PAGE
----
So I re-ran the odds after tonight’s games. In case you didn’t hear, the Red Sox beat the Yankees (crap), and the White Sox beat the Indians (ehh … good I guess, because although I was hoping the Indians would beat out the Red Sox for the Wild Card, I suddenly need to worry about the Yankees beating out the Indians …). Here’s the update:
|96-66||94-68||99-63||93-69||NYY wins ALE; BOS wins WC||1||1||1||0|
|96-66||94-68||98-64||94-68||NYY wins ALE; 1GP CLE@BOS||1||0.5||1||0.5|
|96-66||94-68||97-65||95-67||NYY wins ALE; CLE wins WC||1||0||1||1|
|95-67||95-67||99-63||93-69||NYY wins ALE; BOS wins WC||1||1||1||0|
|95-67||95-67||98-64||94-68||NYY wins ALE; BOS wins WC||1||1||1||0|
|95-67||95-67||97-65||95-67||1GP BOS@NYY; 1GP NYY@CLE/CLE@BOS||0.75||0.75||1||0.5|
|94-68||96-66||99-63||93-69||BOS wins ALE; NYY wins WC||1||1||1||0|
|94-68||96-66||98-64||94-68||BOS wins ALE; 1GP NYY@CLE||0.5||1||1||0.5|
|94-68||96-66||97-65||95-67||BOS wins ALE; CLE wins WC||0||1||1||1|
|Out of 9:||7.25||7.25||9||3.5|
|Out of 100:||80.56||80.56||100.0||38.89|
We’re now down to nine possible outcomes. The Yankee sweeps and Indian sweeps are gone.
Obviously the most surprising change is that the even though the Yankees lost, their odds of making the playoffs are essentially unchanged — increased by less than one percentage point. What it translates to is that the Yankees had one throw-away game. And they’ve used it. No more.
The next surprising thing is not that the Indians’ odds have dropped, but the fact that they’ve dropped so much. Their odds went down by more than 23 percentage points. It’s one game — why are their odds hurt so much? The answer is that before tonight’s games, the Indians were competing with one team for the Wild Card: Boston. Now the Indians are competing with both the Yankees and the Red Sox. Had the Yankees won tonight, they would have had greater than a 97% percent chance of getting in, and the Red Sox and Indians would have been nearly tied around 50% each. (In fact, the Indians would have had exactly 50%, and the Red Sox would have had 50% plus the leftover 2½% or so that the Yankees had not yet sewed up.)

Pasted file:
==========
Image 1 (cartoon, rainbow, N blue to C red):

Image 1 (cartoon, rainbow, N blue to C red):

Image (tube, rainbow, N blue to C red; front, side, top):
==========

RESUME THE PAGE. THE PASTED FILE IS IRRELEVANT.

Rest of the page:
Because the Indians had been competing only with the Red Sox, they would have benefitted most from a Yankees sweep of the Red Sox.
Incredibly, all three teams still control their own destiny. If the Yankees or Red Sox win the next two games, they would win the AL East. If the Indians win the next two against the White Sox, the worst they can be left with is the “nightmare scenario,” and a one game playoff against the loser of the Yankees-Red Sox one game playoff.
If the White Sox sweep the Indians, then both the Yankees and Red Sox are guaranteed spots in the playoffs. Should this happen, the Yankees have a slight advantage over the Red Sox, for the same reason that they White Sox have already clinched the AL Central: Should two teams tie for their division, but both are guaranteed playoff spots, the head-to-head record is used as a tiebreaker, rather than a one-game playoff. The Yankees currently have a 9-8 lead against the Red Sox. If they split the next two, the Yankees would have 10-9 edge, and the division crown.